This heartbreaking story about coping with loss is cleverly dressed as an
ode to dancing. Leiner's great achievement is how much she manages to say
without wordsour young narrator Sofia needs to see her mother dance to
know that she's all right, but it's companionship, not dancing, that Mama
misses--and the story's resolution is at once bittersweet and exultant.
Rodriguez's mixed-media artwork glints or broods according to the
narrative's mood and vividly conveys the flavors, textures, and hues of
"After Papa died, Mama stopped dancing," opens this affecting tale narrated by a Cuban child who misses the evenings of the past. Sofia remembers when her parents danced together and "Papa held the beat, and Mama, the rhythm," and the sensation they created at the annual Havana carnival, where the crowd marveled at their dancing. Now men line up in the courtyard in hopes of becoming Mama's dance partner, but "her heart is not in it. Her skirts stay in the closet, her feet, bare." Mama's favorite suitor is Eduardo, a kind fellow who displays his cooking talents in the kitchen but demonstrates little skill on the dance floor. Readers may not be surprised at the dancing partner Mama chooses, but they are likely to find the story's conclusion roundly satisfying. Into a narrative that is intermittently lyrical and wordy, Leiner subtly weaves Spanish phrases that youngsters will easily interpret given their context. Newcomer Rodriguez lights up the spreads and spot art, moving easily from cozy indoor scenes to the vibrant Havana streets and festival mood of carnival. His illustrations emanate a luminescence and energy befitting the story's theme and setting, capturing details of Cuban life as well as these likable characters' personalities. Ages 5-9. (Sept.) Copyright 2001 Cahners Business Information.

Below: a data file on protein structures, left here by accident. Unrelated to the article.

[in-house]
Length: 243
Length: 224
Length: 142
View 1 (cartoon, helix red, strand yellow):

K-Gr 2-Sofia tells this story set in Cuba during a time when LPs, not CDs, provided entertainment. Since her papa's death, the music has stopped in their household and the girl worries that her mother will never find another dance partner. From all over Havana, men line up to get the chance to dance with her, but she is not interested. In the end, Mama chooses to mambo with Sofia at carnival. The text is peppered with easily understood Spanish phrases. Rodriguez's artwork, done in pastel, gouache, and spray paint with woodblock-ink linework, is dramatic and attractive. Vibrant oranges and reds express the passion mother and daughter have for music and dance. This could be paired with Libba M. Gray's My Mama Had a Dancing Heart (Orchard, 1996), which also shows a mother and daughter's love for dance. A fine offering.-Blair Christolon, Prince William Public Library System, Manassas, VA Copyright 2001 Cahners Business Information.